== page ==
The Virginal Mother in German Culture presents an innovative and thorough analysis of the contradictory obsession with female virginity and idealization of maternal nature in Germany from the late eighteenth to the early twentieth centuries. Lauren Nossett explores how the complex social ideal of woman as both a sexless and maternal being led to the creation of a unique figure in German literature: the virginal mother. At the same time, she shows that the literary depictions of virginal mothers correspond to vilified biological mother figures, which point to a perceived threat in the long nineteenth century of the mother’s procreative power.
Examining the virginal mother in the first novel by a German woman (Sophie von La Roche), canonical texts by Goethe, nineteenth-century popular fiction, autobiographical works, and Thea von Harbou’s novel Metropolis and Fritz Lang’s film by the same name, this book highlights the virginal mother at pivotal moments in German history and cultural development: the entrance of women into the literary market, the Goethezeit, the foundation of the German Empire, and the volatile Weimar Republic. The Virginal Mother in German Culture will be of interest to students and scholars of German literature, history, cultural and social studies, and women’s studies.
About the Author
LAUREN NOSSETT is a visiting assistant professor of German at Randolph-Macon College in Virginia.
“The Virginal Mother in German Culture is a very compelling, well-organized, and detailed analysis of the contradictory and developing tensions between eighteenth to twentieth century fascinations with virginity and the idealization of maternal nature in Germany. It is a unique and field-transforming study.” —Susan Gustafson, author of Goethe’s Families of the Heart
“German literature and film are full of chaste young women who fulfill social expectations by serving as maternal caregivers. In her provocative new study, Lauren Nossett suggests that such selfless servants perpetuated patriarchy and provided a sense of stability in a German society thrust into the maelstrom of modern times. Lucid, thorough, and sophisticated, it is highly recommended for all students of modern German literature and culture.” —Todd Kontje, author of Imperial Fictions: German Literature Before and Beyond the Nation-State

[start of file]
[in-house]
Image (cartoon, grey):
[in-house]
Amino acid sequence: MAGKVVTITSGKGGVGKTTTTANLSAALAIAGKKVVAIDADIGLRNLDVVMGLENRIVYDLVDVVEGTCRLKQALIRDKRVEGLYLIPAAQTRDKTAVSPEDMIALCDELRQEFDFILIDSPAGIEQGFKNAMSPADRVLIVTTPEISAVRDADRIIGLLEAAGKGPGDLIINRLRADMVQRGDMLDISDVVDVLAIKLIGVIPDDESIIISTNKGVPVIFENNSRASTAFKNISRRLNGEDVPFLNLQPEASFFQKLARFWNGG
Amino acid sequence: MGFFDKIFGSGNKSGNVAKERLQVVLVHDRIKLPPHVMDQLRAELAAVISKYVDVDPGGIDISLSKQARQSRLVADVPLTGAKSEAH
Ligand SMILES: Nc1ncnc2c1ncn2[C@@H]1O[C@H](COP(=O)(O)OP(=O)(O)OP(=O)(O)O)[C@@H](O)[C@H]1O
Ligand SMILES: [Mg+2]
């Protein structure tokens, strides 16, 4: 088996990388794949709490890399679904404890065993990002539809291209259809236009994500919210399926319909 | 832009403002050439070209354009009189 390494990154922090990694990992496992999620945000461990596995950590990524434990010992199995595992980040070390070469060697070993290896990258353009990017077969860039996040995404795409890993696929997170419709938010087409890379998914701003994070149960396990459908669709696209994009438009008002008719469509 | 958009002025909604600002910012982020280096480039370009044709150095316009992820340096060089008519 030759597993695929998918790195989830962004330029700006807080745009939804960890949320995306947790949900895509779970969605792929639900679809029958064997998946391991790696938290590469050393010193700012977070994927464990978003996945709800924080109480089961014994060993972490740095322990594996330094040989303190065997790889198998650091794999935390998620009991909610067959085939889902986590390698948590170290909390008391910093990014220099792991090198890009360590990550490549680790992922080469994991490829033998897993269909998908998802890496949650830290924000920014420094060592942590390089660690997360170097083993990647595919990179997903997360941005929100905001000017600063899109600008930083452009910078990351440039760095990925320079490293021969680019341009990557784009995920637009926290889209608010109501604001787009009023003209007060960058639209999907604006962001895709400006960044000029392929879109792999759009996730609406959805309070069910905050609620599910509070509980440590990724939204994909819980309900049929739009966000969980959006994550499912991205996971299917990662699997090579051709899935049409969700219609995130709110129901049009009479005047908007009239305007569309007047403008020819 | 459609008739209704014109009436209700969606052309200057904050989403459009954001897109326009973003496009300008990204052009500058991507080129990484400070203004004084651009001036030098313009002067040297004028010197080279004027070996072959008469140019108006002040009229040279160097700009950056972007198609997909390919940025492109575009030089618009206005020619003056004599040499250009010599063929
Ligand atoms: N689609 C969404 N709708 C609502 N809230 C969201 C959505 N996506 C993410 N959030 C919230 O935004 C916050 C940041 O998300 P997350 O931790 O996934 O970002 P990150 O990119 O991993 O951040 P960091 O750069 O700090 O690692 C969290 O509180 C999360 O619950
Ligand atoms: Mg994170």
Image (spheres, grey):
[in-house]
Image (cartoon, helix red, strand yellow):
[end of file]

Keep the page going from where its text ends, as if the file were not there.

"Beautifully written, persuasively argued and extensively researched, this book details the cultural, social, and political importance of the 'virginal mother figure.' While many English novels feature a governess, eighteenth- and nineteenth-century German literature prefers a non-professional alternative: a chaste, young woman who takes care of someone else’s children. Nossett demonstrates convincingly that the figure of the virginal mother is made to serve various ideological agendas, both conservative and progressive: she polices female and male sexuality and justifies the exploitation of female domestic labor, but she also undermines notions of woman’s innate propensity toward caregiving and exemplifies the need for the education of the female sex." —Elisabeth Krimmer, UC Davis
". . . a pleasure to read, combining a clear, direct prose style, well-organized chapters, accessible historical and theoretical contextualizations, and transparent literary analyses. As a result, it will be an important resource not only for specialists of German literature and culture, but also for students and for scholars of motherhood and gender in other fields." —Katra Byram, German Studies Review